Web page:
Author(s): Tsuchiya M, Horn S, Ingham R
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Abstract BACKGROUND: In Japan, a high proportion of breast cancer (BC) survivors develop lymphoedema as a consequence of the treatment received. Japanese BC survivors are generally not provided with standardised information about risks, early signs and symptom management. The effects of (in)adequate information on the problem-solving processes among Japanese BC survivors with lymphoedema symptoms have not been investigated. PURPOSE: The aim of this study was to explore how the provision of medical information by doctors affected the problem-solving processes of Japanese BC survivors with lymphoedema symptoms. METHOD: Ten Japanese BC survivors participated in audio-taped focus group discussions. Transcripts were analysed using an inductive thematic analysis. RESULTS: Analysis identified two phases during which participants attempted to address problems with managing their lymphoedema symptoms - a help-seeking phase and an evaluation phase. Perceptions of information provision affected emotional responses to the onset and cognitive appraisals of lymphoedema symptoms (seen as accepted or burden). However, perceptions of information provision did not affect help-seeking behaviours from surgeons or adherence behaviours. Participants often perceived compression sleeves as inefficient and not worth continuing. CONCLUSION: This study suggests that information provision is a key process in helping BC patients to adjust to symptoms of lymphoedema. In order to promote effective symptom management, doctors and nurses should provide support not only during the help-seeking phase but also the evaluation phase. Further research on the most effective ways to change negative treatment beliefs should be conducted. © 2011 The Authors. Scandinavian Journal of Caring Sciences © 2011 Nordic College of Caring Science.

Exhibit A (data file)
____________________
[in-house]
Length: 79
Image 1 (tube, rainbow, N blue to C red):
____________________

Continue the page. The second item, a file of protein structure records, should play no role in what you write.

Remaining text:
This article was published in Scand J Caring Sci
and referenced in Abnormal and Behavioural Psychology